happy Yom Kippur!
biggestfan
Posted 2008-10-08 7:22 PM (#16533)
Subject: happy Yom Kippur!
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Nearly A Band Member

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happy Yom Kippur I don't know what it is but it says it here on my calender and it says wensday Yom Kippur so happy Yom Kippur and can someone tell me what Yom Kippur is thanks!
Jim Hudson
Posted 2008-10-08 9:42 PM (#16538 - in reply to #16533)
Subject: RE: happy Yom Kippur!
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Hi Charlie ! , well having such a large famally tree of relatives, I can help you with that , Ahh My sweet grandma ! . well anyway,Yom Kippur Is a day of atonement as per say, A time to reflect on sins of the past year.I belive it is the 10th day of the Tishri , when many fast and attend services to reflect on this . While unfortuneatly many of my past realatives are gone as well as my own personal teaching of the various heratiges of my life ,but hope that helped-- Your Friend --- Jim

Edited by Jim Hudson 2008-10-08 9:46 PM
SMF Cyndi
Posted 2008-10-09 12:21 AM (#16542 - in reply to #16533)
Subject: RE: happy Yom Kippur!
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Macedonian SMF
Posted 2008-10-09 8:33 AM (#16546 - in reply to #16533)
Subject: RE: happy Yom Kippur!
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what is Yom Kippur?

In what relegion is that?

Is it in Jewish relegion?
SMF Cyndi
Posted 2008-10-09 3:13 PM (#16549 - in reply to #16546)
Subject: RE: happy Yom Kippur!
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Hiya MAC! Here is what I found to help explain YK..

Yom Kippur is probably the most important holiday of the Jewish year. Many Jews who do not observe any other Jewish custom will refrain from work, fast and/or attend synagogue services on this day. Yom Kippur occurs on the 10th day of Tishri. The holiday is instituted at Leviticus 23:26 et seq.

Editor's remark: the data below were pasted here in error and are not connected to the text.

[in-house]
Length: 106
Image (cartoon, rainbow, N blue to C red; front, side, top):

The name “Yom Kippur” means “Day of Atonement,” and that pretty much explains what the holiday is. It is a day set aside to “afflict the soul,” to atone for the sins of the past year. In Days of Awe, I mentioned the “books” in which G-d inscribes all of our names. On Yom Kippur, the judgment entered in these books is sealed. This day is, essentially, your last appeal, your last chance to change the judgment, to demonstrate your repentance and make amends.

As I noted in Days of Awe, Yom Kippur atones only for sins between man and G-d, not for sins against another person. To atone for sins against another person, you must first seek reconciliation with that person, righting the wrongs you committed against them if possible. That must all be done before Yom Kippur.

Yom Kippur is a complete Sabbath; no work can be performed on that day. It is well-known that you are supposed to refrain from eating and drinking (even water) on Yom Kippur. It is a complete, 25-hour fast beginning before sunset on the evening before Yom Kippur and ending after nightfall on the day of Yom Kippur. The Talmud also specifies additional restrictions that are less well-known: washing and bathing, anointing one's body (with cosmetics, deodorants, etc.), wearing leather shoes (Orthodox Jews routinely wear canvas sneakers under their dress clothes on Yom Kippur), and engaging in sexual relations are all prohibited on Yom Kippur.

As always, any of these restrictions can be lifted where a threat to life or health is involved. In fact, children under the age of nine and women in childbirth (from the time labor begins until three days after birth) are not permitted to fast, even if they want to. Older children and women from the third to the seventh day after childbirth are permitted to fast, but are permitted to break the fast if they feel the need to do so. People with other illnesses should consult a physician and a rabbi for advice.

Most of the holiday is spent in the synagogue, in prayer. In Orthodox synagogues, services begin early in the morning (8 or 9 AM) and continue until about 3 PM. People then usually go home for an afternoon nap and return around 5 or 6 PM for the afternoon and evening services, which continue until nightfall. The services end at nightfall, with the blowing of the tekiah gedolah, a long blast on the shofar. See Rosh Hashanah for more about the shofar and its characteristic blasts.

It is customary to wear white on the holiday, which symbolizes purity and calls to mind the promise that our sins shall be made as white as snow (Is. 1:18). Some people wear a kittel, the white robe in which the dead are buried.

Macedonian SMF - 2008-10-09 3:33 AM

what is Yom Kippur?

In what relegion is that?

Is it in Jewish relegion?